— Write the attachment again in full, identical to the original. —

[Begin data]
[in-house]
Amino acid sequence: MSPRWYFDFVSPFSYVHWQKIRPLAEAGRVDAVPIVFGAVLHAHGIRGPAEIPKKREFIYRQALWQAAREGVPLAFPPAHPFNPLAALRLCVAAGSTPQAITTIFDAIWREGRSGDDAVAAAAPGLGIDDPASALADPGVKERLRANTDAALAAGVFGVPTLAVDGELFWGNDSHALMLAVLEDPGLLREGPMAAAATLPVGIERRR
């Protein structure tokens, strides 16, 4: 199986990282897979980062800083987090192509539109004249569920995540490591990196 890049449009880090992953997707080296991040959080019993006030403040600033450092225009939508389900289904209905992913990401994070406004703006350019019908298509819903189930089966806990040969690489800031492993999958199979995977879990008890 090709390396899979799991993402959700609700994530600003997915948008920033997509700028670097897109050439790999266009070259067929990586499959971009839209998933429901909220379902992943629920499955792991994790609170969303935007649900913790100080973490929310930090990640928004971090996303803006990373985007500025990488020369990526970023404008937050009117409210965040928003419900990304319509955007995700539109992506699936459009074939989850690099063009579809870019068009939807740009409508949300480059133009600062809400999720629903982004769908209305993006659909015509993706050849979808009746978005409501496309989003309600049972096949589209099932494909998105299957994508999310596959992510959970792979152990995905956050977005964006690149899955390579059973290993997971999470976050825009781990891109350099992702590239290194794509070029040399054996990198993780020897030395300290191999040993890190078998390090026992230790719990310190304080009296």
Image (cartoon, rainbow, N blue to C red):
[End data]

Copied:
[in-house]
Amino acid sequence: MSPRWYFDFVSPFSYVHWQKIRPLAEAGRVDAVPIVFGAVLHAHGIRGPAEIPKKREFIYRQALWQAAREGVPLAFPPAHPFNPLAALRLCVAAGSTPQAITTIFDAIWREGRSGDDAVAAAAPGLGIDDPASALADPGVKERLRANTDAALAAGVFGVPTLAVDGELFWGNDSHALMLAVLEDPGLLREGPMAAAATLPVGIERRR
């Protein structure tokens, strides 16, 4: 199986990282897979980062800083987090192509539109004249569920995540490591990196 890049449009880090992953997707080296991040959080019993006030403040600033450092225009939508389900289904209905992913990401994070406004703006350019019908298509819903189930089966806990040969690489800031492993999958199979995977879990008890 090709390396899979799991993402959700609700994530600003997915948008920033997509700028670097897109050439790999266009070259067929990586499959971009839209998933429901909220379902992943629920499955792991994790609170969303935007649900913790100080973490929310930090990640928004971090996303803006990373985007500025990488020369990526970023404008937050009117409210965040928003419900990304319509955007995700539109992506699936459009074939989850690099063009579809870019068009939807740009409508949300480059133009600062809400999720629903982004769908209305993006659909015509993706050849979808009746978005409501496309989003309600049972096949589209099932494909998105299957994508999310596959992510959970792979152990995905956050977005964006690149899955390579059973290993997971999470976050825009781990891109350099992702590239290194794509070029040399054996990198993780020897030395300290191999040993890190078998390090026992230790719990310190304080009296």
Image (cartoon, rainbow, N blue to C red):